The second-generation Audi A8 was introduced in 2002, and once again had the lightest body in its class. A year later this luxury saloon received the “European Car Body Award”, the top European prize for innovation in vehicle body construction. Manufacturing techniques were optimised still further, to permit the use of large multifunctional pressure cast elements and complex, topologically optimised extruded sections. In this way the number of parts needed was significantly reduced, production was speeded up, and thanks to the large optimised cast aluminium ‘nodes’ and extruded sections, the body became more rigid, with an even higher standard of safety.
Aluminium and Lightweight Construction Centre: the name for a vision
In 1994 Audi opened its Aluminium Centre in Neckarsulm, at which it grouped together under one roof all its experience in weight-saving vehicle construction, and combined the know-how available from its development, production planning and quality assurance areas. Today, Neckarsulm is not only a competence centre in weight-saving design but also a benchmark for the automobile industry all over the world.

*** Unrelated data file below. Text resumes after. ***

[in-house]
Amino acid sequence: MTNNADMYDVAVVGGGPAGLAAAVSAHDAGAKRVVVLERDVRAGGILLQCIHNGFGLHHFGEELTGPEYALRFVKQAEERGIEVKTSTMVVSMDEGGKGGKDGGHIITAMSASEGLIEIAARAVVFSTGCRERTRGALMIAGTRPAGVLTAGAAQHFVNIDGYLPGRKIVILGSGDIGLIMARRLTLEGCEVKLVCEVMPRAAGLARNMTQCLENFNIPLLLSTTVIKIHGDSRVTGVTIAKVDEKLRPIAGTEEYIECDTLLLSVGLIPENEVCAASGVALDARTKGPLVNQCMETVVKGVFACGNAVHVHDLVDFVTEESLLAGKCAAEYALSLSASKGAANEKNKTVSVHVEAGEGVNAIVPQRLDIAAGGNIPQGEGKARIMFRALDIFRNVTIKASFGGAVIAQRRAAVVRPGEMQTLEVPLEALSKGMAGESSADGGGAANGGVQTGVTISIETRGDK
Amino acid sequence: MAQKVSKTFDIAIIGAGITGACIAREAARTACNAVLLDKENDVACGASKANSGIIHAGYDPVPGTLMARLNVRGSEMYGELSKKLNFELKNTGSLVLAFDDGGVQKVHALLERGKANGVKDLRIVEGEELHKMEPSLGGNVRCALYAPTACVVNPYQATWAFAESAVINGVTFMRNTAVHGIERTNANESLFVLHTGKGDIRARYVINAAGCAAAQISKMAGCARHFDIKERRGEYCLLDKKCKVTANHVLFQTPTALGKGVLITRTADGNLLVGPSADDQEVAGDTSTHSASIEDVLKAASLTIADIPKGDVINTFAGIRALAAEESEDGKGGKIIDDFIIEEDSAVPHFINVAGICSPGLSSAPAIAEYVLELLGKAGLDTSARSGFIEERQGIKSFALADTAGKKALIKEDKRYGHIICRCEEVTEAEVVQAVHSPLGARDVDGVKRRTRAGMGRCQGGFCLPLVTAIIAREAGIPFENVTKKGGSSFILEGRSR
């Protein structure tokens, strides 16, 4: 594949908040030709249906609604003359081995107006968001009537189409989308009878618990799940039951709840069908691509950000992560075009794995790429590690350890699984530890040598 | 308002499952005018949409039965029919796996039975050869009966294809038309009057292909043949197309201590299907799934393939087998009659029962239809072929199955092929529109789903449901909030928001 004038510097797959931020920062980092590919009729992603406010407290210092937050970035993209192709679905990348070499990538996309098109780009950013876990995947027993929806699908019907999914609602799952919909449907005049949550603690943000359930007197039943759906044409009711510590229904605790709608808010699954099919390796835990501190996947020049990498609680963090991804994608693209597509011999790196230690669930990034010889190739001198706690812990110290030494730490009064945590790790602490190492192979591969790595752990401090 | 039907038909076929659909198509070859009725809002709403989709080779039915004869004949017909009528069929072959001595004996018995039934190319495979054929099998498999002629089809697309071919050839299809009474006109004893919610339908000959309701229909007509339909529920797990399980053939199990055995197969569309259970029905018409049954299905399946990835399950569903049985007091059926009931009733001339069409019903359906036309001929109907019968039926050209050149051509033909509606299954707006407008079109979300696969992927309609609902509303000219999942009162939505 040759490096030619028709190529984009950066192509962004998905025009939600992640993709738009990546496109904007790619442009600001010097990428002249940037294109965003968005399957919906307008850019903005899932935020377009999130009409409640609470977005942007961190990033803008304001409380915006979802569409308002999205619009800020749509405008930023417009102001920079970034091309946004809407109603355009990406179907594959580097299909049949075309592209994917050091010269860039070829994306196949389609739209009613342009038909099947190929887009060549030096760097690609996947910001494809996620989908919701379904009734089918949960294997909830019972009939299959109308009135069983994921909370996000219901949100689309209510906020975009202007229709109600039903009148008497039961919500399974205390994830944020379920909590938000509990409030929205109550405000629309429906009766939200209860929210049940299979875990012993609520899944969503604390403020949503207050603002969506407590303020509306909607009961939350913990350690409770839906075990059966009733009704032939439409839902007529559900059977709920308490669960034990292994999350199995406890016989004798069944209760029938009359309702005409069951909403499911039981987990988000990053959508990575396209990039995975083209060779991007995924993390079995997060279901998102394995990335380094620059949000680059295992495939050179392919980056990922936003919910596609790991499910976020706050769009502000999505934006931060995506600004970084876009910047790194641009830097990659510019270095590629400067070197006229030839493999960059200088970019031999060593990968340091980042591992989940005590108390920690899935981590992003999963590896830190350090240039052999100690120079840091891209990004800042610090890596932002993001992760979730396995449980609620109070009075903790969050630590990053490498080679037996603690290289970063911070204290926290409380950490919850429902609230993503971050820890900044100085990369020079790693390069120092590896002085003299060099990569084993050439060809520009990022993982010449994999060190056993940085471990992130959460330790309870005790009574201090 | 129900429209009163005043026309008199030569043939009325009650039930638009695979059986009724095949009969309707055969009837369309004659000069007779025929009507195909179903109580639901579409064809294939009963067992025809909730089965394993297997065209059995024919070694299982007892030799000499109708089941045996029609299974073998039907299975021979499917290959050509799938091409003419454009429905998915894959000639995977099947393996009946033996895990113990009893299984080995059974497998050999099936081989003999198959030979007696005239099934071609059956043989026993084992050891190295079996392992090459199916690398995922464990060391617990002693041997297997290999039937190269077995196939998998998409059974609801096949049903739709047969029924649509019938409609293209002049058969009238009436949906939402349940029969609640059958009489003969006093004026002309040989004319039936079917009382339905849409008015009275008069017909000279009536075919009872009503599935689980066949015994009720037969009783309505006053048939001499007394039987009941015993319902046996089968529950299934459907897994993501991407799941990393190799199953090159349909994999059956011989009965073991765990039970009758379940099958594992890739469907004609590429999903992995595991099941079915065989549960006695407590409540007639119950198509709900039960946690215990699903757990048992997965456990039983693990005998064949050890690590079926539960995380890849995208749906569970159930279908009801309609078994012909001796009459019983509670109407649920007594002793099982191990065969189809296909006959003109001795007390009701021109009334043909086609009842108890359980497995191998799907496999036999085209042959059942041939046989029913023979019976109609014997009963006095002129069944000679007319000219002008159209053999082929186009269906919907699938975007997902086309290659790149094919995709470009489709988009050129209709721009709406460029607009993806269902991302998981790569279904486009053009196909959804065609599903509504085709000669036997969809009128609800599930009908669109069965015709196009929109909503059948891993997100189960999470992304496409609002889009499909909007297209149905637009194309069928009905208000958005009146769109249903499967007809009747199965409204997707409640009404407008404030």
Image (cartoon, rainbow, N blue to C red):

In March 2003 the name was changed to ‘Aluminium- und Leichtbau-Zentrum’ (‘Aluminium and Lightweight Construction Centre’). Heinrich Timm, the Centre’s Manager, is one of the pioneers who developed the ‘aluminium-intensive car’ back in 1983. He explains: “The name was chosen to confirm that other materials as well as aluminium are becoming increasingly important in lightweight body construction, and that ‘intelligent mixed construction’ is the path we must pursue in the future.
When the Audi V8 was being designed, the first idea was to substitute aluminium for steel while retaining the traditional type of bodyshell, but we soon realised that this was not the answer.” In 1997 Timm, together with the current Head of Planning in Neckarsulm, Albrecht Reimold, received Vienna University’s Professor Ferdinand Porsche Prize as the principal inventor and developer of the Audi Space Frame. The Space Frame is essential if the characteristics of aluminium as a construction material are to be fully exploited.